The Medical Device Reporting (MDR) regulation provides a mechanism for the U.S. Food and Drug Administration (FDA or the Agency), as well as medical device manufacturers, to identify and monitor adverse events (deaths, serious injuries, and certain malfunctions) involving a manufacturer's medical device. Ultimately, the goal behind MDR reporting is transparency to facilitate timely postmarket surveillance of medical device performance to drive necessary corrective action.

Under the current MDR regulation (21 CFR Part 803), reporting entities (manufacturers, importers, and device user facilities this alert deals only with manufacturers and importers) have specific reporting requirements. For example, if a device malfunctions in such a way that, if the malfunction were to recur, it would likely cause or contribute to a death or serious injury, then, upon learning of the malfunction, the importer must report the information to the manufacturer which must determine if the malfunction is reportable to FDA. If a device actually caused or contributed to a death or serious injury, then the importer has an independent obligation to report the event to FDA and notify the manufacturer, who also has an independent obligation to report the event to the Agency.

Simplifying the reporting process

FDA has broad authority to grant exemptions from, variances from or alternative forms of MDR reporting. Historically, the Agency has used two separate programs to help simplify certain reporting requirements: (1) an exemption that allows for only one of either the foreign manufacturer or importer to report the same MDR event to FDA on behalf of both entities; and (2) allowing certain events to be aggregated into a single periodic report, known as "Alternative Summary Reporting" (ASR). Per 21 C.F.R. 803.19, a reporting entity wishing to utilize these programs must apply for, and be granted, a request to modify its reporting obligation. In recent years, and consistent with FDA guidance, the Agency has granted a number of these exemptions to reduce reporting of the same event by multiple entities (in the case of MDR single report exemptions); and to reduce the burden of submitting individual event reports for wellunderstood types of events and failure modes (in the case of ASR), while at the same time ensuring that the requirements of the MDR regulations are enforced. With the implementation of FDA's Voluntary Malfunction Summary Reporting Program (discussed below), the Agency is making changes to both the MDR single report exemption and the ASR programs.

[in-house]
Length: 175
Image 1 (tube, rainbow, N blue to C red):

Foreign manufacturer/importer exemption

In the FDA's November 2016 guidance, Medical Device Reporting for Manufacturers, the Agency explains that, pursuant to 21 CFR 803.19(b) and (c), FDA will review requests for MDR single report exemptions from some or all of the requirements of the MDR regulation. For instance, the 2016 guidance notes that a foreign manufacturer and importer may decide they want the importer to submit reports for adverse events related to products for which both entities have an MDR obligation, and the guidance details the associated exemption request process.

Such exemptions create efficiencies for industry and the Agency. Granting authority for either the manufacturer or importer to report the same MDR to FDA avoids the submission of essentially duplicate reports and limits occasions when completion of an individual form 3500A is required.

We understand from recent FDA actions and discussions with Agency representatives that FDA has sent letters rescinding, or is in the process of rescinding, all MDR single report exemptions and will no longer be granting such exemptions under current policy. We also understand from discussions with FDA representatives that this shift, like the change discussed below to ASRs, is an industry wide policy shift that was not targeted at a specific company, sector or group of companies. This shift follows the implementation of FDA's Voluntary Malfunction Summary Reporting Program last year, which is designed to reduce the burden on entities that are subject to malfunction reporting under the MDR regulations. However, this shift could have significant consequences to both importers and foreign manufacturers that should be carefully addressed by entities that have been operating under an MDR single report exemption.